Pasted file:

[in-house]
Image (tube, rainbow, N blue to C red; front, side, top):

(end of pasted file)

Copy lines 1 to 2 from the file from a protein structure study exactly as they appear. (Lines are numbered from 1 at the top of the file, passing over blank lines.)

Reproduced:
[in-house]
Image (tube, rainbow, N blue to C red; front, side, top):